And they will one day face a great judgment of the words they have spoken and taught.

My brethren, let not many of you become teachers, knowing that we shall receive a stricter judgment. (James 3:1 NKJV)

Leave it to God

It isn’t your job to reveal the evil preacher. Each Christian is responsible to “test the spirits” (1 John 4:1) and search the Scriptures and decide for themselves what they want to hear. Some of them actually want to have their ears tingled by the deceitful words of evil teachers (2 Timothy 4:3-4).

We can’t just go around town spouting what we’ve heard about these preachers when we read something online. We, too, are responsible to test the spirits by performing our own investigation. It is too simple to repeat the lies and judgments of those who sound spiritual but are often non-Christians intent on ripping the Church apart.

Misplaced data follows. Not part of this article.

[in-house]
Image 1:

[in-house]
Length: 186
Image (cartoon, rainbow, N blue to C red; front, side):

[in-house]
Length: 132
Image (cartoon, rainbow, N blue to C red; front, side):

Slanderers have no inheritance in the Kingdom of God (1 Corinthians 6:10). Paul, who had a little bit of experience with them, told us to stay away from them (1 Corinthians 5:11; 2 Timothy 3:1-5). Leave it in God’s hands, and then make sure that you are there, too.

If you are quick to hear the preacher hunters and join their ranks, check your own heart. Are you willing to submit to the authority Christ has put over you? Will you shut off your computer and pick up your Bible? Maybe it is time to spend more time sharing the Gospel rather than trying to tear down those who have sacrificed to do the same.

Paul says to rejoice in the sharing of Christ. Jesus says not to stop them. It’s time to call off the preacher hunt.